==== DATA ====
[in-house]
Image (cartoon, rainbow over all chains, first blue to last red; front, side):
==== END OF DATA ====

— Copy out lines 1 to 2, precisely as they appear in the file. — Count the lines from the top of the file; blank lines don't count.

[in-house]
Image (cartoon, rainbow over all chains, first blue to last red; front, side):